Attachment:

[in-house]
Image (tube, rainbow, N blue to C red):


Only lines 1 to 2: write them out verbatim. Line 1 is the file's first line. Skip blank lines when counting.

[in-house]
Image (tube, rainbow, N blue to C red):